A veteran anti-apartheid campaigner, trade union leader and business tycoon — few world figures would rival the ambition, breadth of experience and steely resolve of South Africa’s new President. The 65-year old Cyril Ramaphosa’s elevation on Thursday to the nation’s top job became imminent ever since the African National Congress (ANC) voted him as party leader in December. The swift political transition witnessed since was propelled by judicial sanction to reopen innumerable cases against his predecessor Jacob Zuma, culminating in his resignation on Wednesday.
The nation’s Deputy President since 2014, Mr. Ramaphosa has seemed far more decisive as ANC leader, as evident from the recent reconstituted state power utility board and the raids on the residence of the controversial India-born Gupta brothers.
What role did he play?
Even as freedom dawned in South Africa in 1990, Mr. Ramaphosa was a force to reckon with, negotiating strategic bargains for workers in industrial conflicts. The National Union of Mineworkers he founded earlier and the Congress of South African Trade Unions (COSATU) he helped to forge subsequently marked out his qualities of organisation and consensus-building.
Then, as ANC secretary-general, he served as chief negotiator to map the nation’s democratic transition. As chairman of the Constitution Assembly in 1994, the nation saw at work the architect of arguably among the world’s more liberal constitutions.
In the formulation of the Black Economic Empowerment programme around the turn of the century lay the beginnings of Mr. Ramaphosa’s own entrepreneurship. The sprawling business empire he established, stretching from mining, communications and investment earned him recognition as an icon of black power.
Equally, as one of the country’s wealthiest businessmen, given to a lavish life-style, questions began to surface about his true loyalties. As his name was cleared by the courts in the infamous 2012 murder of 34 workers in the Marikana platinum mine, he returned to full-time politics within months, as the ANC deputy president.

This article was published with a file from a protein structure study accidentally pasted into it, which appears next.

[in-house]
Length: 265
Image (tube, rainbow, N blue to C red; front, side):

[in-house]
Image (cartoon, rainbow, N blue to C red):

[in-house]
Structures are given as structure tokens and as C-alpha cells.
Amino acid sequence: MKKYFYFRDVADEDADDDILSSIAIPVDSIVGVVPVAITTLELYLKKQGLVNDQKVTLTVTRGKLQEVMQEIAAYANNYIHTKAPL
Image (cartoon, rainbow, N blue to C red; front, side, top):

What are the challenges?
The biggest challenge before the new President is to salvage the ANC’s reputation, rebuild a broken economy and win the 2019 general election. Opposition parties which have already made inroads into the ANC’s traditional support base would be anxious to further consolidate those gains in the coming months. At the minimum, Mr. Ramaphosa would be expected to dispel any doubt that the new government will not grant amnesty to Mr. Zuma, or rescue ANC apparatchiks implicated in the distribution of official patronage. Equally vital would be the protection of prosecutorial independence that was severely undermined during the previous regime. These are essential steps to demonstrate a determination to combat corruption and regain public trust in the party’s commitment to nation-building.
How will he tackle them?
The new budget, to be unveiled next week, will be a pointer to the government’s economic priorities in a country that is just recovering from a deep recession and is still grappling with high unemployment. With strong moorings in the trade union movement and an instinct to make common cause with business, Mr. Ramaphosa has signalled a preference for pragmatism to populism.
Accordingly, attracting investment for the expansion of education and skill development could well form his immediate priorities, rather than the more contentious question of land redistribution without compensation. But then, the latter forms an important item on the ANC agenda, finalised at its recent congress. Deferring action, without necessarily jettisoning the issue, would once again test Mr. Ramaphosa’s capacity for building consensus within the party. A nation exasperated by unbridled corruption and nepotism in high places looks up to its new President with huge expectations. South Africa and the world will learn within a year whether Mr. Ramaphosa has begun to deliver.